It doesn't get said often enough, but drunks sure know how to entertain. And I ain't talking about your just-released-from-prison uncle choosing your grandmother's funeral as the best time to test his fart-lighting abilities. No, I'm referring specifically to creative types, people whose gin-soaked brains translate the booze thoughts into bizarre, sometimes surreal art: be it the alcohol-induced otherworldly crime fiction of Jim Thompson or the creative construction of carnival rides by perpetually bombed carnies.
One thing I learned when I used to drink was that alcohol allowed my writing to go places it normally would never think of going (sure, my writing is sentient). Yes, most of it was shit, but every now and then a genius nugget would pop through. It was almost worth wading through the shitty writing just for those short bursts of uninhibited creativity. Of course, I never got the hang of drunk writing; I would fall asleep too soon after drinking. So, I admire the hell out of any writer who can produce during perpetual decades-long benders.
I don't know, maybe it's because my now sober self just gets a hell of a contact high from this shit, but I love to see the traces of alcoholism in drunken output. And it's always obvious when a writer novels under the influence: because writers always bring a little of themselves to their work, their writing will inevitably betray elements of their personal lives. So, whether they intend it or not, their stories give us front-row seats to their dependencies. And with few other writers was this truer than Stephen King.
More specifically, few other writers were more blunt about their addictions than King. Whereas a writer such as Jim Thompson would frequently go the surreal route, Stephen King just filled his stories with drunken degenerates. (Of course, Thompson also populated his stories with drunks, and King's stories—existing in the horror genre, as they did—frequently traveled to bizarre land.)
So, with this in mind, when I decided to check out the Stephen King-penned werewolf movie Silver Bullet, I knew I was gonna be in for a treat. And, lord, it did not disappoint.
I'm still trying to decide if Silver Bullet's frequent forays into silly territory were intentional or just incompetence spiced with a dash of drunken lunacy. Regardless of the cause, however, this might be the most entertaining flick I've seen all year. You want a taste? Here are sample bits of dialogue from the picture:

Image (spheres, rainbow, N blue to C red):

"It's your oven, but it ain't my bun you got baking."
"Suicides go to hell—especially if they're pregnant. And I don't even care."
"Damn cripples—always end up on welfare. Oughta electrocute 'em all."
But I should probably tell you a little bit about the movie itself. Filmed in 1985, Silver Bullet takes place in the ye olde long-forgotten era of the late seventies. And we know this because the teenage heroine of the picture, Jane, is now looking back on those days-gone-by and narrating the movie from the present. So why was a middle-aged sounding woman hired to narrate events that took place less than a decade prior? Also, why did the director tell her to recite her horror movie lines as if she was narrating Little Women?
But, anyway, trouble shows up when an old drunk meets a werewolf and the werewolf does this to the drunk's head.
But everyone in town assumes it was just because he was drunk. As old Jane says in the narration, "You see, Arnie Western was a chronic drunk, and what happened seemed like an accident." Yeah, drunks do this all the time. Just walking along, minding their own business, being all drunk and stuff, and, wouldn't you know it, they accidentally cut off their own heads.
So no one takes notice...until the werewolf strikes again, killing a pregnant woman who was about to take her own life (see quote above). And when the obviously animal-mauled body is discovered, everyone in town thinks a human must have caused the massacre. Of course. Tempers flare at the local bar, before Lawrence Tierney calms things down with his justice bat.
Elsewhere in the movie, Jane's brother Marty (Corey Haim) bonds with degenrate Uncle Gary Busey.
Stuff happens. More werewolf murders. Then Marty meets the werewolf and does this to it.
So Marty and Jane search for a newly one-eyed citizen, and then Jane happens to find...
So Marty sends him a letter.
And he reads it.
But no one will believe Marty and Jane's story. The priest tries to do away with Marty...
...chasing him toward an abandoned bridge.
Marty escapes. And, finally, the kids are able to convince Gary Busey, so he gets a silver bullet made for them.
Watching Silver Bullet, I realized—as I so often do, when watching trashy horror flicks—that I had seen pieces of this movie on TV when I was a kid. Back then I remember being scared of Busey, as any kid should; and I didn't pick up on any of the humor. I was mostly underwhelmed by the intended horror and creeped out by the hero Busey. I didn't much care for it. I've mentioned many times before that revisiting cherished childhood movies frequently leads to disappointment; Silver Bullet has shown me that revisiting movies I didn't previously like can lead to super happy good times.
With that I leave you with some things I learned from Silver Bullet:
- If someone is trying to stop a lynch mob, it's because he is in fact a werewolf. He must be lynched.
- If the town priest suddenly loses an eye, no one in town will ask him why he is suddenly missing an eye.
- Drunks will always save the day.